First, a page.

Publications and Active Research Projects
Please see my Google Scholar Page for my Published work (Link Here). I also occasionally post code from my projects on my Github page, though this is less regularly updated (Link Here).
My Recent Publications include:
- Journal of Labor Economics 2023 (vol. 41, no. 1)
- This paper estimates the effect of minimum wage increases on work that is not covered by minimum wage laws. I find minimum wage increases in the early 2000s resulted in small reductions in engagement in traditional self-employment. Following the development of the online gig economy in the 2010s, a 10% increase in the minimum wage increased the number of nonemployer establishments classified as transportation and
warehousing services by approximately 2.7%. The counties most likely to exhibit a positive relationship between the minimum wage and participation in uncovered work are those with low labor market concentration and active Uber marketplaces.
- Health Affairs. 2022, November.
- The expansion of the Child Tax Credit in 2021 temporarily increased the size of payments and switched from an annual partially-refundable credit to a fully-refundable credit delivered monthly. Growing evidence from quasi-experimental studies in the US and experimental studies in low- and middle-income countries shows that moderate-to-large cash transfers improve subjective well-being and mental health. We estimate the effect of the Child Tax Credit expansion on subjective well-being and mental health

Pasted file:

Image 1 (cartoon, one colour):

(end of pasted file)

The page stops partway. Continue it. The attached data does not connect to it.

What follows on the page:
among adult recipients. Using a nationally representative survey, the Understanding America Study (N = 7,198 and 2,743 unique respondents with children), we do not find evidence of a significant short-term impact of the Child Tax Credit expansion on measures of life satisfaction, anxiety, and depression symptomology. We speculate that null effects may be due to the temporary nature of the expansion.
Papers Under Review:
- National Bureau of Economic Research. 2022. https://www.nber.org/papers/w29823
- Studies have established that the expanded Child Tax Credit (CTC), which provided monthly cash payments to most U.S. families with children from July to December 2021, substantially reduced poverty and food hardship. Other studies posit, however, that the CTC payments may generate negative employment effects that could offset its potential poverty-reduction effects. Scholars have simulated employment scenarios assuming various labor supply elasticities, but less work has empirically assessed how the monthly payments affected employment outcomes using real-world data. To evaluate employment effects, we apply a series of difference-in-differences analyses using data from the monthly Current Population Survey and the Census Pulse, both from April through December 2021. Across both samples and several model specifications, we find very small, inconsistently signed, and statistically insignificant impacts of the CTC both on employment in the prior week and on active participation in the labor force among adults living in households with children. Further, labor supply responses to the policy change do not differ for households for whom the CTC’s expansion eliminated a previous work incentive. Thus, our analyses of real-world data suggest that the expanded CTC did not have negative short-term employment effects that offset its documented reductions in poverty and hardship.